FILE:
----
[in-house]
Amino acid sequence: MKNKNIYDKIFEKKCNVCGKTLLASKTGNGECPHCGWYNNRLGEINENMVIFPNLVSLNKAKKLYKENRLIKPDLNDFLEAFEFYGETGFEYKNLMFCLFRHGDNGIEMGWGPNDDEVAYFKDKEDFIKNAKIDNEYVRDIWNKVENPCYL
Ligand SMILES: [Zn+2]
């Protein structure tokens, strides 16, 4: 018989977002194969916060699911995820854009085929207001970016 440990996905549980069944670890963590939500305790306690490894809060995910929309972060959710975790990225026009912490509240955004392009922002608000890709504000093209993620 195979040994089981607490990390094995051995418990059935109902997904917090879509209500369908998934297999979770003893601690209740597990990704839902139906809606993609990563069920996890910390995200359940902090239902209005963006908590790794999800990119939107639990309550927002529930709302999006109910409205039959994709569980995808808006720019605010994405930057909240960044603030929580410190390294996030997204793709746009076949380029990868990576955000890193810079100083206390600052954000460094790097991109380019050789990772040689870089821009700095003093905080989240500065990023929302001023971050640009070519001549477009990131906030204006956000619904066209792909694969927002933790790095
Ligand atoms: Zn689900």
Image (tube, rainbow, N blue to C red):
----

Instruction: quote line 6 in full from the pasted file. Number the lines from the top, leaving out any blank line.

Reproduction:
Image (tube, rainbow, N blue to C red):